Farence Rogers walks down Historic Mitchell Street on his way back home from El Rey Foods.
Rogers has lived in Milwaukee almost all his life but he hasn’t just stuck to one part of the city – he’s lived on the north, west and south sides. “This city is not that big so why limit yourself?” says Rogers. “You’ve gotta be able to mingle with everybody.”
The 42-year-old Rogers, who grew up on 27th and Locust, says he’s enjoyed Milwaukee, for the most part, because of the people he’s gotten to know. “It’s been a blast. I’ve got a lot of friends here. It’s a small town, man – everybody knows somebody that knows somebody that knows somebody.”
After attending Washington High School and playing football on a team that won the City Conference Championship, Rogers wasn’t quite athletic enough to earn a college scholarship so he decided to join the Marine Corps. “I figured, you know, I’d go to the military, get some experience, put on some weight, learn, and then I would go to school after that.”
But two weeks after he joined, the First Gulf War began. Then, his time with the Marines ended when he fractured his foot. Still, Rogers says he wouldn’t do it any differently. “I wouldn’t change that experience for nothing, man,” he says. “It made me who I am today.”
What was the most valuable part? “Being on my own. Being on my own, having to grow up. That’s pretty much why I went to the Marines to begin with. You’re no longer underneath your parents, you know. You’ve gotta fend for yourself and do your own thing.”
So, Rogers came back to Milwaukee and ended up going back to school, graduating from MATC with a degree in welding. His career in welding, however, was short lived. “I did that for a few years. I got out of that because I almost got blown up at work. Now, my profession has been wait staff for the last – man, since ’98. Done everything from fine dining to weddings, banquets, you name it.”
Rogers says his favorite part about the job, other than meeting new people, is helping them decide what to drink. “I’m big into wine. A friend of mine’s a sommelier – he lives out in Colorado – so, I’ve been learning everything I know about wine from him for the last six years.”
“He’s got a story for every bottle of wine he opens. You’ve got to be able to break the ice with people and, you know, communicate. And they might just be there for a nice meal but you give them something that they can learn something about and take home with them and, who knows, they tell their friends about it and then they come back and see. The whole thing about being a waiter is return business.”
In fact, Rogers’ friend, who lives in Vail, has encouraged him to get out to Colorado. He says he’s considered it but he won’t be leaving quite yet. “Milwaukee is, there’ve just been times I’ve wanted to get out of here…wanted to maybe go back to California or somewhere,” says Rogers. “If it wasn’t for me having a son who just turned 18 I probably would’ve been gone a long time ago.”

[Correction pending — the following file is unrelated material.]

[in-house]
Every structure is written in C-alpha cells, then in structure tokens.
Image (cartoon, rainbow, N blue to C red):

That decision was a no-brainer for Rogers. “I couldn’t leave. I don’t really know my dad – in my whole 42 years – so, I wasn’t gonna leave him,” he said. “I was engaged, things didn’t work out…I wanted to go then but he was like 3 years old around that time and I chose to stay and I don’t regret it now.”
Rogers says watching his son grow up has been the “happiest time of [his] life.”
Now, his son is at the University of Wisconsin-Madison on an academic scholarship and Rogers says he couldn’t be more proud. “The fruit of all of that labor, him going to school and, you know… it all paid off, sticking around paid off, man.”
Just recently, Roger told his son how proud he was for working hard, getting through school and continuing right on to college. “I was like, ‘You know what, I give you much respect for what you’re doing right now,’ because a lot of kids are not out here doing that.”
And, despite his sons accomplishments, Rogers is worried for Milwaukee, in general. “It’s so bad out here right now with just… people don’t have any respect,” he says. “Just the amount of senseless killings – kids getting shot. I’ve never seen this many kids being murdered in all the time I’ve been in this city. It seems like there’s a whole generation of kids that have lost, just, common respect – respect for life, respect for themselves, other people.”
That’s not the way Rogers was raised, he says, and that, in his mind, the strength of any community starts with the parents. “It starts at home, man. You know, if it’s not happening at home, then its probably not gonna happen. If you don’t teach your kid to respect others and manners – just common sense – you never know. They’re gonna get out here and do anything cause they just don’t… they don’t care. A lot of people say that, you know, you’ve got to love these kids because that’s the only thing that’s gonna turn them around, show them some love. And maybe that’s what we’ve got to do because, right now, ain’t nothing working.”
Because, Rogers says, if you don’t show your kids love and guidance, someone else will. “You’ve gotta let your kids know you love ‘em, man, and that you’re here for them.”
Rogers knows a bit about that. And, at this point, he’s just looking forward to one thing. “Him graduating college… [the] lord blessing me with enough days to see [my son] graduate.”
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